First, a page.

In our tech-centric world, we have many ways to communicate with co-workers. There’s telephone, of course, — cellular and land line – as well as email, but we also can chat via multiple instant messaging solutions, as well as voice communications and video conferencing through Skype for Business and its ilk. The choices of media can be overwhelming, and remembering everyone’s ID on each service perplexing.
Wikipedia defines Unified Communications as:
“the integration of real-time, enterprise, communication services such as instant messaging (chat), presence information, voice (including IP telephony), mobility features (including extension mobility and single number reach), audio, web & video conferencing, fixed-mobile convergence (FMC), desktop sharing, data sharing (including web-connected electronic interactive whiteboards), call control and speech recognition with non-real-time communication services such as unified messaging (integrated voicemail, e-mail, SMS and fax). UC is not necessarily a single product, but a set of products that provides a consistent unified user-interface and user-experience across multiple devices and media-types.”
In other words, UC lets users access all of their communications through a single user interface, often with a single ID. Voicemail can be retrieved from an email box and played back (or in some cases, converted to text for reading), and users can initiate chats or conferences with a click or two from within that same email program. Through presence information, users can see whether their colleagues are online, and what media they’re available on. For example, if someone is in a meeting, they may not want to accept phone calls. Rather than simply sending all calls to voicemail and hoping nothing urgent comes up, through presence, they can indicate that they’re only available for immediate communications via email or instant messaging. This ensures people get critical messages in a timely manner, and reduces the frustration of not knowing whether someone is available to respond.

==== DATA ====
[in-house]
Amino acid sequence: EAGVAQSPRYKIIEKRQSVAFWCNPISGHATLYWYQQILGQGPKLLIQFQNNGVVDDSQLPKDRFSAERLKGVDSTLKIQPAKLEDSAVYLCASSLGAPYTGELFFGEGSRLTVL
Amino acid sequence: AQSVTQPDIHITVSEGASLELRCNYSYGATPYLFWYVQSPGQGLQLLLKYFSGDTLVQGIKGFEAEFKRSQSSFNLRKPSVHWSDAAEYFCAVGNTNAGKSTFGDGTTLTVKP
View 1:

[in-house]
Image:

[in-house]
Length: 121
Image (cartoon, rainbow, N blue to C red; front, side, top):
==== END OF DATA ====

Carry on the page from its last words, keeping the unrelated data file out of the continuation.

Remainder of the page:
UC lets users receive communication over one medium and reply over another. For example, a message may arrive in a voicemail, which the user retrieves through email, and be replied to with an instant message, all from the same user interface – perhaps Microsoft Outlook.
UC was made practical by the advent of IP telephony, which allowed voice communications to be handled as data. Once that leap was made, companies such as Cisco and Microsoft could link telephone systems to other digital communications, closing the loop.
It’s undeniably convenient, but it can lead to complexity for IT. As well as managing email servers, staffers also have to cope with voice systems, and the UC software that links them, as well as conferencing systems, instant messaging, and all of the plumbing involved in keeping them healthy and talking to each other. That’s why some organizations choose to have a service provider run their UC systems.
A telecommunications company such as Rogers can provide services that would be difficult for IT to offer. For example, it can give users a single phone number for all voice interactions through its fixed line and full mobile number unification and portability service. It can also manage conferencing services and other components, leaving IT staff free to manage mission-critical business applications.